Rich Lowry: The end of the Clinton coalition

Rich Lowry

Rich Lowry

Every time Hillary Clinton makes a left-wing policy pronouncement, it is, in effect, another eulogy marking the death of the coalition and style of politics that twice made her husband president.

Bill Clinton got elected by peeling off working-class whites and suburbanites from the Republican Party, while holding traditional Democratic voters. He made significant geographic inroads, winning a handful of Southern states both in 1992 and in his 1996 re-election, when he narrowly won the popular vote in the region as a whole.

This is all very interesting, but we might as well be talking about Grover Cleveland’s path to the presidency in 1884. The Clinton coalition is rusty and up on blocks in some overgrown backyard like the El Camino pickup he once boasted about. And Hillary knows it.

Who is pushing Hillary to the left? Hillary is. It’s not the memory of what Barack Obama did to her in the 2008 primaries. It’s not fear of Elizabeth Warren. It’s not worry over the primary threats from Bernie Sanders and Martin O’Malley. It’s sheer electoral necessity.

As Sean Trende of the website RealClearPolitics puts it, President Obama has narrowed but deepened the Clinton coalition.

He blew the doors off it among base Democratic voters. As Philip Klein of the Washington Examiner points out, Democrats had won the 18- to 24-year-old vote by 11.5 points on average and the 25- to 29-year-olds by about 7 points on average from 1992 to 2004. Obama won those groups by more than 30 points in 2008 and 20 points in 2012.

He outdid himself among minorities, liberals and upper-class suburbanites. Obama, Klein notes, amped up not just his margin among African-American voters, but their turnout.

Elsewhere in the former Clinton coalition, though, his support collapsed, with older and blue-collar whites continuing to flee the Democrats. The change was especially pronounced in Appalachia.

“He was the first Democrat since Lewis Cass in 1848 not to carry Floyd County, Kentucky, and the first ever to lose Knott County,” Sean Trende writes of Obama in his book, “The Lost Majority.” “For perspective, in 1996 Clinton carried Floyd County by 45 points and Knott County by 55 points. Even George McGovern carried these counties by double digits.”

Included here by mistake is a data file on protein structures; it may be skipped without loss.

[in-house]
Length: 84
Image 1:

Even if Hillary wanted to try to recapture those kinds of voters, it’s not clear that she could, and the effort would risk alienating the Obama supporters she needs if she’s going to win a national election.

So the question for Hillary is whether a 67-year-old candidate who’s not a racial minority or particularly exciting can re-energize the electoral coalition defined by a youthful African-American who rose to prominence on rhetorical flights of fancy about hope and change.

She’s certainly not going to do it by recapitulating the politics of Bill. He hewed to the political center. He played defense on cultural issues. He balanced the budget (at the insistence of a Republican Congress). He touted, at least after his first two years, small-scale government programs of symbolic significance. He was tough on crime and relatively hawkish.

Everything indicates she’s going to do and be the opposite. Hillary will make herself a paladin of the left, and hope to energize and frighten the constituent parts of the Democratic base enough to walk the treacherously narrow electoral path of President Obama.

This is the price of victory Obama-style. Despite his rhetoric of unity, Obama depends on a politics that writes off much of the country and depends on turning out voters already inclined to support him. It is less a politics of persuasion than of mobilization.

For Hillary, this means the centrism and practicality of her husband have to be jettisoned, so what remains from the Clintonism of yore is mostly the shady dealings and shameless insincerity. But she really has no choice. It’s go left or go home.


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